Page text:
An entrepreneurial path for robotic vehicles

MecE PhD student carves an entrepreneurial path with robotic vehicles

Faculty of Engineering communications staff - 30 November 2018

As a young boy from Quito, Ecuador who liked to build his own toys, Nicolas Olmedo always knew engineering was where he'd end up. Today, he's pursing his PhD in mechanical engineering, under the supervision of Dr. Michael Lipsett, specializing in field robotics for environmental monitoring.

During his undergraduate studies Olmedo joined the U of A Aerial Robotics Group and met two like-minded individuals, Stephen Dwyer and Jamie Yuen. The three worked well together and enjoyed competing against teams from other universities. The trio's fourth year capstone project was a drill for a Mars exploration vehicle and won a national prize. Now that the Mars Insight has landed, Olmedo is setting his sights on space once again.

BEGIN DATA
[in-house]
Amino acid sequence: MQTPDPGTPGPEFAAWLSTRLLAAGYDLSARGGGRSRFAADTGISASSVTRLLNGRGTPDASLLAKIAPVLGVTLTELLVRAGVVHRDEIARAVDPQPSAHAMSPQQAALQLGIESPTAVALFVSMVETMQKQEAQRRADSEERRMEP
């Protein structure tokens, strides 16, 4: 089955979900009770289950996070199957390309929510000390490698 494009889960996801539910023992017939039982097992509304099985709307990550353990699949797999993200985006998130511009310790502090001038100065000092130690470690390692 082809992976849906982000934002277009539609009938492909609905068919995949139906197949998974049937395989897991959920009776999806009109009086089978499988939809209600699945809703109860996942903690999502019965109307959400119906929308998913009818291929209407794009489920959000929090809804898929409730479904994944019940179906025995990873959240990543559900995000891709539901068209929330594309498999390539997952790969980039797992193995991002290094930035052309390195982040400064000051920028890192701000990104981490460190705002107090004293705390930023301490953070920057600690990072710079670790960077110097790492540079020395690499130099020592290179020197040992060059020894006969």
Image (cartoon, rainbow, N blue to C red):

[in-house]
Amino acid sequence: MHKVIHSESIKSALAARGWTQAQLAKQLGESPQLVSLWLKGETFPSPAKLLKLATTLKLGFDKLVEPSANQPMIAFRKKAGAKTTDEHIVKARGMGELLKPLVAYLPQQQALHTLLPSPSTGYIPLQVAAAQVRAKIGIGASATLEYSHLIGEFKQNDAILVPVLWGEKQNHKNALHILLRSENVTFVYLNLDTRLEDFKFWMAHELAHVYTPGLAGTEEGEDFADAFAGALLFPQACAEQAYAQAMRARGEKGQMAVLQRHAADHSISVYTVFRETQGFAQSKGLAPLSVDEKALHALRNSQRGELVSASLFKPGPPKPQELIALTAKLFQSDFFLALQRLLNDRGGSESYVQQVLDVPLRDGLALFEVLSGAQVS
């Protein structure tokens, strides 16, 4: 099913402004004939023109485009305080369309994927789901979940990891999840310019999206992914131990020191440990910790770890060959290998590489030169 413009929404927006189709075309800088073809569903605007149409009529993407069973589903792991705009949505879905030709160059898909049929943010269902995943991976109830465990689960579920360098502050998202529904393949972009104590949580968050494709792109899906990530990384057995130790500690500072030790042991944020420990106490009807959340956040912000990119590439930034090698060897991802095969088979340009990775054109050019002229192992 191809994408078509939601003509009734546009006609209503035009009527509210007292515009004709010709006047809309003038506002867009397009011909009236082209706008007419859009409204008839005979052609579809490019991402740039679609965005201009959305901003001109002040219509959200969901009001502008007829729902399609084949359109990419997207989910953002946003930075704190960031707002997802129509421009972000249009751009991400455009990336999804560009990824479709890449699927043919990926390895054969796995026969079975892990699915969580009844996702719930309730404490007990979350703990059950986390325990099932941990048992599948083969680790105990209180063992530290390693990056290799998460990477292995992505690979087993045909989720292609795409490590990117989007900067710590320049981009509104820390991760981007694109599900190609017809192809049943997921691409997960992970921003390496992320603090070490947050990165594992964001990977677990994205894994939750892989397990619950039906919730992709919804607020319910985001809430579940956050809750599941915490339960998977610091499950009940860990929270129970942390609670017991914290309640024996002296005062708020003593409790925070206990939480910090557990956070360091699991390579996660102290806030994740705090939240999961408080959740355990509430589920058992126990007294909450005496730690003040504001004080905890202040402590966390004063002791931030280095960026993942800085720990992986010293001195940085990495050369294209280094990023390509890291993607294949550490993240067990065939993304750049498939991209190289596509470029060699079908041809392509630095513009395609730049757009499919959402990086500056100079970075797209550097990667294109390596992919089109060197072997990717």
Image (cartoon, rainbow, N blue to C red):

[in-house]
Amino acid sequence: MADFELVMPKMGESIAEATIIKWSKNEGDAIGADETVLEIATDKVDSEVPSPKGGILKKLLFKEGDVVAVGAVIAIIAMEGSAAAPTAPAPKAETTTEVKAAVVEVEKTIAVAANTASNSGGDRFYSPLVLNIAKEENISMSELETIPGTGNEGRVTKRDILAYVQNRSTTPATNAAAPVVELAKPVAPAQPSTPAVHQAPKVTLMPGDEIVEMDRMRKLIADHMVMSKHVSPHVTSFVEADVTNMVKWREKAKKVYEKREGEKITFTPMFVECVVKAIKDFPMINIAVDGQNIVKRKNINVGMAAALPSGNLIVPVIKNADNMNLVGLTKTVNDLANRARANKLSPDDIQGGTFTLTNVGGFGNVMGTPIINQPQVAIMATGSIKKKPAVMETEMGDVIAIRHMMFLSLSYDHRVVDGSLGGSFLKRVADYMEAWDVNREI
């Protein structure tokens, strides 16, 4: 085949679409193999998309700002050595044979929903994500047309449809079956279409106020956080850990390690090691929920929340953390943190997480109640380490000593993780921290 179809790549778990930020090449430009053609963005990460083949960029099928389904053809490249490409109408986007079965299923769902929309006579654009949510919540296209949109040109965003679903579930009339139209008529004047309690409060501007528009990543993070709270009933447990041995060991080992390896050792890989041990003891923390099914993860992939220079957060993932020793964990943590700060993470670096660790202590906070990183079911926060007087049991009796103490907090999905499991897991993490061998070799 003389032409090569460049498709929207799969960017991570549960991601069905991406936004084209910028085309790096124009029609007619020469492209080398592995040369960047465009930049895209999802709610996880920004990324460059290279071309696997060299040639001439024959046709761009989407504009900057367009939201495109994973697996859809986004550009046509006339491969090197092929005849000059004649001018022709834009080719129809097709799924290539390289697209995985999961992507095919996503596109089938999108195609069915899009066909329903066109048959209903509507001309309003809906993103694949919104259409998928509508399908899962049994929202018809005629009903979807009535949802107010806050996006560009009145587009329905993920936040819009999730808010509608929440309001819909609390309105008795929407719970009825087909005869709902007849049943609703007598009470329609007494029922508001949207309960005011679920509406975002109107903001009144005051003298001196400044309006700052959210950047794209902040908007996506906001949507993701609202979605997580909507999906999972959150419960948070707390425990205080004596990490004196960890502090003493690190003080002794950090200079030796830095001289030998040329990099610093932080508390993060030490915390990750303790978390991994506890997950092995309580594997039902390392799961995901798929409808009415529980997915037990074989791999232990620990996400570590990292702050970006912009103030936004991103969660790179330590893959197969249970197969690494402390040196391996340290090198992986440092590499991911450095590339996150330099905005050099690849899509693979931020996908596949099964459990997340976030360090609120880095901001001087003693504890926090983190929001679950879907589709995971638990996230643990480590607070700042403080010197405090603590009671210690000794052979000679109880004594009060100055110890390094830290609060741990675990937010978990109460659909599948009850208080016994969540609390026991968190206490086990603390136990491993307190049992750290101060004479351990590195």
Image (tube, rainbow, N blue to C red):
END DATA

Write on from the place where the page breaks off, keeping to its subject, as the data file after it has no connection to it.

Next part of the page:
"I always thought robotics was a very promising field that could change how things are done," says Olmedo.

Nicolas's research expands on technologies develops for Mars exploration. In his work he tailors these technologies for investigating terrains too dangerous and expensive to send human workers, such as oil sands tailings ponds. But that's not the only iron he has in the fire. With Dwyer, Yuen and Lipsett, Nicolas has founded Copperstone Technologies, which builds autonomous amphibious robots for environmental monitoring, specifically for harsh environments.

Ultimately Olmedo wants to lead an established high-tech development company and take his technologies into space. First though he'll finish his PhD.